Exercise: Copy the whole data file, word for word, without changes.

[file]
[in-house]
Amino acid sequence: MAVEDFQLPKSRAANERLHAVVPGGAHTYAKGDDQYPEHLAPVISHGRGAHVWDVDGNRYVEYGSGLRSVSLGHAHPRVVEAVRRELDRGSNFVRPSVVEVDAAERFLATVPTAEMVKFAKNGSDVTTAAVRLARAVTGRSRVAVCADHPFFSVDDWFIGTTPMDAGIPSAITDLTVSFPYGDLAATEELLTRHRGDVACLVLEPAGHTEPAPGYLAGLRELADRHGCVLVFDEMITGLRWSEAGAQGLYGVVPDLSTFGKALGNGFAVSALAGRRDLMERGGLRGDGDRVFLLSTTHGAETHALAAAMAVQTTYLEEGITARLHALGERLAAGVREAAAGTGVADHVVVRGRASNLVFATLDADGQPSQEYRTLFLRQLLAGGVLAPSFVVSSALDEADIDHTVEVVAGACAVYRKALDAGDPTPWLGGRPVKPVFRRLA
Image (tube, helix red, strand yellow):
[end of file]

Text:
[in-house]
Amino acid sequence: MAVEDFQLPKSRAANERLHAVVPGGAHTYAKGDDQYPEHLAPVISHGRGAHVWDVDGNRYVEYGSGLRSVSLGHAHPRVVEAVRRELDRGSNFVRPSVVEVDAAERFLATVPTAEMVKFAKNGSDVTTAAVRLARAVTGRSRVAVCADHPFFSVDDWFIGTTPMDAGIPSAITDLTVSFPYGDLAATEELLTRHRGDVACLVLEPAGHTEPAPGYLAGLRELADRHGCVLVFDEMITGLRWSEAGAQGLYGVVPDLSTFGKALGNGFAVSALAGRRDLMERGGLRGDGDRVFLLSTTHGAETHALAAAMAVQTTYLEEGITARLHALGERLAAGVREAAAGTGVADHVVVRGRASNLVFATLDADGQPSQEYRTLFLRQLLAGGVLAPSFVVSSALDEADIDHTVEVVAGACAVYRKALDAGDPTPWLGGRPVKPVFRRLA
Image (tube, helix red, strand yellow):